Blockchain technology has been around for more than ten years. When introduced in 2008 for the purpose of bitcoin trading, it did not gain immediate attention from the mainstream media, because Bitcoin was a relatively new term, and the technology behind it, blockchain, was even newer.
Since then, blockchain has become a revelation that is destined to become the backbone of the financial industry in the near future. The rise of spam and fraudulent activities on the Internet has also forced experts to consider blockchain as a safe, transparent, and efficient means of transferring critical data from one place to another.
Blockchain’s inherent framework, which values decentralized ownership and transparency, is one of the main reasons why banks and other industry players are keen to implement this technology. According to World Economic Forum, more than 90 central banks are actively engaged in implementing blockchain for their global transactions. In fact, more than 2,500 patents were filed related to the technology by the end of 2017.
To understand why many financial institutions are so interested in this technology, we need to briefly study the concept blockchain technology applications and distributed ledger technology.
Blockchain and Distributed Ledger
A blockchain is a type of distributed ledger that records information chronologically in a block. Oftentimes, “blockchain” and “distributed ledger” are used interchangeably, which incorrectly indicates that blockchain and distributed ledger are similar. In fact, blockchain is just one type of technology based on a distributed ledger model.
Distributed ledger technology (DLT) was introduced in 1991. In DLT, the data is spread across different nodes and computers. Each of these nodes operates independently from the other node, making data processing a decentralized and independent process without a central authority.
After the data is independently constructed at each node, each node communicates with the other nodes in the network to reach consensus on the best version of the data. After a consensus is reached, the distributed ledger updates itself by storing the “agreed-upon” version of the data at each node.
The blockchain version of distributed ledger technology was introduced in 2008. As its name implies, it consists of “blocks” and “chains”. The data is stored in the form of blocks, which are connected with each other in an “append-only” chainlike structure. blockchain became extremely popular, when used in a digital currency format such as bitcoin, because it solved the double-spending problem faced by digital cash.
Why Banks and Financial Institutions are Early Adopters of Blockchain Technology?
Banks and financial institutions are racing to adapt DLT due to the secure environment of blockchain, which makes it difficult for hackers to hack the data. In blockchain systems, data is stored and processed in multiple computers around the world. For the hacker to decode the information, they will need to reconstruct every block in the blockchain, which takes enormous time, effort, and, most importantly, cash.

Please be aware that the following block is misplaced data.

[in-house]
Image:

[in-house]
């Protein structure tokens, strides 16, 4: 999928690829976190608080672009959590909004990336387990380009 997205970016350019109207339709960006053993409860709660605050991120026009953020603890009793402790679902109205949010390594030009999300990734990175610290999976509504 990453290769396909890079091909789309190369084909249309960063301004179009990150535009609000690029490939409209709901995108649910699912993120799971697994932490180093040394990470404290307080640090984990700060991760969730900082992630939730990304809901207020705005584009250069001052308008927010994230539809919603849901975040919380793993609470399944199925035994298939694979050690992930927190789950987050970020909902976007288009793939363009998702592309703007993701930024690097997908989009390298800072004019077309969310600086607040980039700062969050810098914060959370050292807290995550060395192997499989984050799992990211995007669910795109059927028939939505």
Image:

Besides security, decentralization is also a huge attraction of DLT, making it easier for financial players to adapt the technology. For instance, the financial world is full of intermediaries. As a result, when a typical borrower asks for a car loan from a supplier, there are at least two or three financial institutions involved in the process. On a broader scale, the chain of command ends at the Central Bank, who is the ultimate decision maker for everything that consumers do, financially.
Blockchain, as a form of DLT, can help create trust among lenders, borrowers, and financial institutions by decentralizing the chain of command. Instead of a single financial authority in charge of the transaction, intermediaries would feel more comfortable in trusting a "neutral" authority by eliminating central control. This system lowers the financial cost of the transaction and takes back control from the powerful influencers.
Looking from the perspective of both the small and large participants in the industry, it’s a win-win situation for everyone. On one hand, confidence of small players will increase as they are no longer controlled by a central authority, who may manipulate proceedings according to its liking. On the other hand, powerful entities such as central banks will be happy to lower the huge transaction costs that are usually the result of too many intermediaries involved in the financial process.
3. Confidence & Trust
When it comes to gaining confidence of the public, distributed ledgers can also prove effective in restoring the dwindling trust of citizens who don't believe their governments and banks. The case of cryptocurrency is a good example where people investing in crypto don't have to fear enormous devaluation of their currencies such as recent problems with Turkish Lira and Venezuelan Bolivar. At least, cryptocurrencies are not tied to any central bank, which can enforce strict regulations on how and where the currency can be used.